Wednesday, May 27, 2015

The Family Photo

Growing up, there was one family photo.

With apologies to Parker, who came along MUCH later, it was the defining picture of our family - and kind of how I see the family unit in my head.

We took lots of pictures over the years, but there was only the one that represented the family unit.

The picture has a familiar layout.  Dad, standing tall behind the family (with a pretty luxurious moustache, as I recall).  Mom, just in front of him, to his left, with 1975 hairdo, perfectly coiffed.  Five-year-old Crorey, with uncharacteristically unmussed hair.  Almost-one-year-old Caroline, sitting on the stool, completing the picture with frilly dress and black patent leather shoes.

And a stain on the bottom of the left shoe.

Mom had won the photo.  Whether it was a drawing or a raffle, I don't know.  What I do know is that she had successfully resisted all of the up-sell that the photographer tried, all of the pressure he brought to bear, all of the reasons that she needed a portfolio of 30 wallet-sized photos and 27 8x10 color glossy photos (but with neither circles nor arrows).

She walked out of there with one large portrait.

The photographer got the last laugh, though.  There are thousands of ways that good darkroom work can take the imperfections out of pictures.  And instead of spending five seconds dodging that spot on the bottom of the shoe, he left the stain there.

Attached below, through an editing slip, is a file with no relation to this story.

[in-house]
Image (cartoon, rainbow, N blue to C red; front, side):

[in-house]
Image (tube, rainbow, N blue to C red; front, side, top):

There is something in the imperfection, though, that spoke to me.

We had gone through the process of preparing for the photo.  Hair was washed and combed.  Clothes were pressed and put on at the last minute.  Shoes were shined.  Inventory was taken.  Groundrules were laid down, and threats were made. All of the details were accounted for, and we were perfect for the photo.

Except for that one thing.  Nobody checked the BOTTOM of the baby's shoe.  Because what difference would that make?  Who looks at the bottom of the shoe?

Well, we all did.  For the next ten years, that photograph hung in a place of prominence in the home, as a memento of the family that we were. And in the very center of the picture was the flaw - the thing that I loved best about the picture.

Because that is what we all are.  Imperfect.  Five minutes after that picture was made, the cherub-faced five year old was zooming around the lobby of the studio, probably breaking something, or at the very least being threatened with a spanking when he got home. The dad, embarassed by the ruckus his son was making, was counting to ten to avoid losing his cool at the fortieth thing his son had broken that week.  The toddler was crying, and everybody was being herded into the car by a 28-year old mom who was just tired. 

The family as I remember it was full of love, but flawed in the ways that all families are flawed. 

In the picture, the family is perfection.

With one small reminder that all of God's creatures, even the unmussed, and the perfectly coiffed and the well wax-moustachioed among us - all of us are imperfect. 

And loved.


 

No comments: